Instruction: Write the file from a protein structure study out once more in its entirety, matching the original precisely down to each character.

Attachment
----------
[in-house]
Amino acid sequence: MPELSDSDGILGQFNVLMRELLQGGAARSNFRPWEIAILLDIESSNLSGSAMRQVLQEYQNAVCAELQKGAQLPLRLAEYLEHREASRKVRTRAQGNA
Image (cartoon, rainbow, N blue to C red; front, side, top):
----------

[in-house]
Amino acid sequence: MPELSDSDGILGQFNVLMRELLQGGAARSNFRPWEIAILLDIESSNLSGSAMRQVLQEYQNAVCAELQKGAQLPLRLAEYLEHREASRKVRTRAQGNA
Image (cartoon, rainbow, N blue to C red; front, side, top):